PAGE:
A recent court decision rejected Mark Fudge’s latest attempt to block renovations at The Ranch at Laguna Beach, a hotel and golf course in Aliso Canyon. Undeterred, the Laguna Beach resident pushed on by filing an appeal against coastal regulators over its approval of the project with the state Court of Appeal last week.
The property, now converted into a 97-room boutique hotel with a nine-hole golf course, has undergone considerable remodeling over two years under the direction of principal Mark Christy. A longtime local, Christy also owns other successful businesses including Hobie surf shops and La Sirena Grill restaurants.
The Ranch endeavor may be Christy’s boldest move yet. “We have some pretty cool stuff happening down here. Feature by feature, it is really coming together and I am very excited about pulling back the curtain and introducing the world to what we believe is the coolest hotel in Orange County,” said Christy by email, estimating the final piece of the remodel, the addition of a fitness spa, will be completed by March.
In March 2015, Fudge attempted to block Christy’s progress by filing a lawsuit in state court against the city and the Coastal Commission, claiming that Ranch permit approvals were illegal because environmental impacts and historical guidelines were not considered.
In reaching his decision, Los Angeles Superior Court Judge Richard L. Fruin Jr.’s opinion rested on Fudge’s failure to file his suit within the required 35 days after the Laguna Beach Planning Commission granted project approval.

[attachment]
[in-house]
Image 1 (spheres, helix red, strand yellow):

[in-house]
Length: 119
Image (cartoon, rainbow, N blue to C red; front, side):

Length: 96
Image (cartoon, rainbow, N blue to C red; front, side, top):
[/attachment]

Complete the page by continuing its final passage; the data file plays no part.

Christy won the go-ahead to begin renovations in May 2014. Two months later, Fudge asked the Coastal Commission to review the approval, which was eventually endorsed this past January.
According to City Attorney Phil Kohn, the recent judicial decision places the city in the clear from further action. “The judge dismissed the entirety of Mr. Fudge’s lawsuit against the city,” said Kohn, as well as most of the contentions against the Coastal Commission.
Only one claim still exists, Kohn said, which is Fudge’s only available option to continue his challenge through appeal. “The remaining claim is whether the Coastal Commission’s approval of the coastal development permit for the project complies with the requirements of the Coastal Act,” said Kohn.
Fudge has refused comment in the past. His attorney, Peter Hsiao, of Morrison & Foerster LLP in Los Angeles, also declined comment about the latest lawsuit.
In his most recent legal maneuver against the Coastal Commission alone, Fudge is looking for the appeals court to “rescind the Commission’s approval of a coastal development permit,” according to Kohn. “If Mr. Fudge prevails on his Coastal Act claim against the Coastal Commission, The Ranch’s remodeling project would likely have to be reconsidered by the Commission pursuant to whatever direction might be included in the court order.”
Asked for his thoughts, Christy said that: “I really don’t have a comment on the Fudge suit or his appeal. The court’s ruling was very strong, based on well-established case law and speaks for itself.”
The appeal will be heard at the second District Court of Appeal in Los Angeles. A search of court records did not reveal a date for the hearing.